• If possible, try and wear your bulkiest or heaviest shoes on the flight to free up space and weight in your suitcase. If they are uncomfortable to wear whilst flying, slip them off and just wear socks.
  • Use the space in your shoes to pack socks and underwear whilst travelling, so as to utilize all space in your suitcase effectively.
  • A pair of plastic flip flops or sandals will always come in use, in case you are faced with a filthy shower, a quick run down to the ice machine, or a walk on the beach.


  • Remember to pack accessories that are required for specific clothing items, such as belts or cuff links (which hopefully you will not require on holiday!)
  • Try to keep accessories to a minimum; if you are going on holiday, the chances are that you will not need different jewelry for every different outfit. Rather stick to neutral items that you can wear with all outfits.


If you are going to be taking over gifts for family and friends, familiarize yourself with the laws of the destination country. Many countries place a limit on how much alcohol and cigarettes/cigars you can bring in, as well as outright bans on foodstuffs, wood etc.

Copies of documents 

Before departing home, I always ensure that I scan copies of my most important documents and save them to a folder on either Google Drive, Dropbox, iCloud etc. These will be copies of my passport, air ticket, visas, travel itinerary, travel bank cards, credit cards, contact details of destination hotels, travel insurance, and any prescriptions that I might be carrying on me. I also make 2 extra physical copies of the most important of documents, my passport and visa, laminate them and keep one copy in my hand luggage and one in my suitcase. This way, should something get lost or stolen, at least you always have identification on you. Should I be staying in an area for more than a day or so, I will always lock my passport in the hotel safe, and carry the copy around with me. If I do get pickpocketed, at least I still have the original in order to be able to get home!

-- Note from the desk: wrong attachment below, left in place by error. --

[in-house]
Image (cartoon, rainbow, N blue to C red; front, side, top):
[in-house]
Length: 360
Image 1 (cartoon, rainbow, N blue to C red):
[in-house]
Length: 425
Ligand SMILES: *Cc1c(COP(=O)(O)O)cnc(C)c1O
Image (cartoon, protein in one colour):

Electronic goods

  • Ensure that you have packed chargers for all items that you will be travelling with including cellphones, tablets, digital cameras, laptops etc. Try not to take all of those on the same trip!
  • For digital cameras I would suggest you try and back-up your images on a daily basis if possible. If you are able to do that, remember the cable that connects to your backup device.
  • I would also pack an additional memory card for your digital camera, they can be rather fickle, and on my last holiday overseas I lost 3 days worth of images as my card broke!


  • MedicationCredit: MorguefileI always pack a small plastic container with the most essential of items. This includes blister plasters, headache tablets, antihistamine for allergies, anti-diarrhea and anti-nausea tablets. I also get three sleeping tablets in case I struggle with jet lag and sleep issues either on the plane or the destination.
  • I also get a broad-spectrum antibiotic that can cover general bacterial infections in an emergency. In all my years of travel I have never had to use them, but I would rather be cautious and know I have the medication that works for me, and not something I could potentially react adversely too. You would need to check with your doctor whether they would be happy to prescribe something, you would need to ensure you carry a copy of the prescription on you, and also ensure that the country you are entering allows that specific medication.
  • Make sure that if you are going to a Malaria area that you have taken the necessary medication before you travel, and continue to take it as long as the doctor recommends. 


  • Examine whether it is completely necessary to bring an item with or whether it is possible to rent or hire it there. For example, if you are going diving or snorkeling for a few days of a 3 week trip – do you really want to be carrying your fins and mask around the whole time?
  • Pack a small sewing kit and safety pins, in case an item of clothing breaks and needs emergency repairs.
  • I also carry a small travel pair of scissors in my suitcase in case I need them for getting into packages, cutting off tags etc.
  • Remember that every country has different electrical sockets and if it doesn’t match your plugs, you will need to take adapters.


Travelling can be enormously exciting and if you plan properly, you will never have that sinking feeling of having left something behind! 

Fodor's How to Pack, 2nd Edition (Travel Guide)